The best chocolate begins with imagination and ends in murder.
Making chocolate is a labor of love and an age-old art. As a connoisseur of the sweet, creamy stuff herself, Blaise is excited to be working at an exclusive confectioner’s shop, run by a woman whose reputation for being a creative chocolatier is legendary. Madeline Foss’s past might be murky and slightly dark, but her chocolate is delicious. And nothing says love like chocolate. Or at least, that’s what Blaise has always believed.
But when her new boss ends up dead, she quickly realizes that nothing says murder like jealousy and ambition. And there isn’t enough chocolate in the world to overcome a savage intent.
She floated into the room in a cloud of raspberry and chocolate chiffon, her arms waving around her head and her eyes swiveling to take in every display with a slightly hostile, but eminently discerning eye. “Les grains de café enrobés de chocolat!”
Blaise settled the last perfectly formed rectangle of toffee onto its tray in the glass case and glanced up. “I’ve got them ready to put out. I’ll do those next.”
Madeline Foss nodded and stopped in the middle of the cozy little shop, an index finger pressed against her ruby-red lips as her cool, gray gaze swept the tables and danced over the glass display cases. “The brittle is messy,” she told Blaise.
“I know. I’ll do that after the chocolate covered coffee beans.”
“Les grains de café enrobés de chocolat,” Madeline corrected, her upturned nose lifting with disdain.
“The grains de whatever, yes.” Head down so her boss couldn’t see when she rolled her eyes, Blaise closed the case and moved over to the tray of pretty plastic containers filled with coffee beans coated in creamy, rich chocolate. She fought the urge to inhale their scent, knowing that Madeline, in her Queen of England persona, would consider it gauche.
Madeline’s cell rang and she tugged it from an invisible pocket in the cloud of chiffon, glaring at the screen. “I’ll be in my office, Blaise.” She turned and swept toward the back of the shop, her outfit billowing around her like a designer flag in a windstorm.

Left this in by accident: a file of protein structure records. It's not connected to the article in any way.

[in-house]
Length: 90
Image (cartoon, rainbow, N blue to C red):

“Yes?” Her voice was tight and shrill. It was her “I don’t like you, so why are you talking to me” voice.
Blaise shook her head. She’d taken the job as an experiment, thinking she might like to get into the confectionary business. She’d learned a lot and enjoyed creating the sweet delicacies as much as watching people’s eyes light up when they came through the door and looked around. But dealing with the talented yet decidedly temperamental Madeline had been a bit more than Blaise had bargained for.
Still, she’d been surprised to discover she really liked her new boss. Once she’d realized there was a soft center under all that prickliness.
Her own cell rang a couple of moments later as the back door snicked closed, sending a cold draft of early Winter air in Blaise’s direction. Blaise frowned toward the hallway that led to Madeline’s office, the private restroom, and the exit.
Had her boss left for the day without saying anything?
Irritation flaring, Blaise answered her phone without looking to see who it was. “Hello?”
A shrill bark met her greeting. Her temper sifted away and Blaise grinned. “Hey, Miss Ivy. How’s my beautiful girl?”
Panting noises preceded a soft whine, and Blaise chuckled. “Dolfe, how many times have I told you not to whine on the phone.”
“It works for the fur-brats,” a sexy, deep voice told her.
“That’s because they’re little and cute.”
“I’m not cute?” His voice filled with pretend hurt.